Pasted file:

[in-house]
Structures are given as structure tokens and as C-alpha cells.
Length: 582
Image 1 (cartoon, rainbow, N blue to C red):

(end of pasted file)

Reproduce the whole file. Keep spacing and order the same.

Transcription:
[in-house]
Structures are given as structure tokens and as C-alpha cells.
Length: 582
Image 1 (cartoon, rainbow, N blue to C red):